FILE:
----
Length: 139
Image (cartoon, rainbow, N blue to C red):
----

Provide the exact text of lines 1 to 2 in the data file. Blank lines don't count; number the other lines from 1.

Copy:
Length: 139
Image (cartoon, rainbow, N blue to C red):